• Chapter 11, XML and HTML, shows how to handle the most popular data interchange formats. The chapter deals mostly with parsing other people's XML documents and web pages (but see Recipe 11.9).

  • Chapter 12, Graphics and Other File Formats, covers data interchange formats other than XML and HTML, with a special focus on generating and manipulating graphics.

  • Chapter 13, Databases and Persistence, covers the best Ruby interfaces to data storage formats, whether you're serializing Ruby objects to disk, or storing structured data in a database. This chapter demonstrates everything from different ways of serializing data and indexing text, to the Ruby client libraries for popular SQL databases, to full-blown abstraction layers like ActiveRecord that save you from having to write SQL at all.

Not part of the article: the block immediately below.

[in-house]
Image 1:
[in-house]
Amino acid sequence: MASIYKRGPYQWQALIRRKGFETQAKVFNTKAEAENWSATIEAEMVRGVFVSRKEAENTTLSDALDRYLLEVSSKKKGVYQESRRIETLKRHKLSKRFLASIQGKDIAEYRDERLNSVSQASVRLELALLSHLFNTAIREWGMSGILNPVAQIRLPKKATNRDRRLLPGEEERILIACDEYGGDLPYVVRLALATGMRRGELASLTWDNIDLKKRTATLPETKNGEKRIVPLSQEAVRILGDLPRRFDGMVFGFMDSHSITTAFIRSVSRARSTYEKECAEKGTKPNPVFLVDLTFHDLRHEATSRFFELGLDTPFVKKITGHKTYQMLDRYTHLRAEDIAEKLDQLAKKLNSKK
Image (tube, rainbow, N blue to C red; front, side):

Currently the most popular use of Ruby is in network applications (mostly through Ruby on Rails). We devote three chapters to different types of applications:

  • Chapter 14, Internet Services, kicks off our networking coverage by illustrating a wide variety of clients and servers written with Ruby libraries.

  • Chapter 15, Web Development: Ruby on Rails, covers the web application framework that's been driving so much of Ruby's recent popularity.

  • Chapter 16, Web Services and Distributed Programming, covers two techniques for sharing information between computers during a Ruby program. In order to use a web service, you make an HTTP request of a program on some other computer, usually one you don't control. Ruby's DRb library lets you share Ruby data structures between programs running on a set of computers, all of which you control.

We then have three chapters on the auxilliary tasks that surround the main programming work of a project.

  • Chapter 17, Testing, Debugging, Optimizing, and Documenting, focuses mainly on handling exception conditions and creating unit tests for your code. There are also several recipes on the processes of debugging and optimization.